By Manish Dubey Oct. 29, 2018
The Indian male preference for underwear instead of swimwear is not a problem of dodgy aesthetics alone. Like with almost all things Indian, there is a cultural angle.
There are three things you are guaranteed to see at every Indian beach: beautiful, swaying palm trees, a distressing amount of bottles and assorted litter, and troops of (usually drunk) men clad in their tightest chaddis. The Indian male overwhelmingly prefers underwear over swimwear at the beach, as any internet listicle of annoying things Indians do in Goa can confirm.
Lest this be dismissed as shallow fashion policing of simple sons of the soil, a likely first reaction in a society where the humble background card rationalises everything from etiquette breaches to hate crimes, let us remind ourselves that the culprits have enough in their wallets to vacation (and imbibe, another top Goa annoyance), and decent swimwear isn’t unreasonably priced. Sports goods retailer Decathlon offers men’s swimwear for as low as ₹ 299, a fraction of the average per capita domestic tourist expenditure in Goa (₹ 31,500). With the modern Indian male in even Tier II and III towns displaying a sizeable appetite for apparel and grooming products, fashion literacy may not be the issue either.
In any case, the underwear preference is not a problem of dodgy aesthetics alone. Like with almost all things Indian, there is a cultural angle. Goans are uncomfortable with underwear-clad men parading before their children and women, and a few years ago, Michael Lobo, legislator from Calangute, home to some of Goa’s most visited beaches, called for rules and penalties to end the tourists’ “underwear culture”. However legitimate Lobo’s concerns about Goa’s beach tourism “going to the dogs” if domestic tourists in “dirty, brief underwear” go unchecked, this is a tricky call to make in a country where “culture” is a dog whistle for violent vigilante mobs.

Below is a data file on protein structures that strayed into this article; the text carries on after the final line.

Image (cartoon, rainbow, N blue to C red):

A more extreme call to forget “scum of the earth” domestic tourists and focus on attracting foreigners and upper-class Indians came earlier this year from Vijai Sardesai, Goa’s Town and Country Planning Minister. Sardesai did not explicitly mention underwear culture, but his rant clearly had the same constituency as Lobo in his crosshairs — and for similar reasons.
It is possible some consider swimwear a wasteful purchase, a use-and-throw article for all practical purposes.
If it is not affordability and fashion literacy, what is it then? Why can’t Indian men bring themselves to pull on swimwear at the beach?
It is possible some consider swimwear a wasteful purchase, a use-and-throw article for all practical purposes. Dirty rivers; stinky, encroached lakes; and private swimming pools confined to elite clubs and communities will not permit them opportunities to don swimwear back home. And with destination loyalty tough to muster in a land of rich attractions, there is little certainty of another beach holiday in the foreseeable future. With the next occasion to put on swimwear unlikely to materialise anytime soon, perhaps never at all, why invest in it? Why not spend that 299 bucks on King’s beer?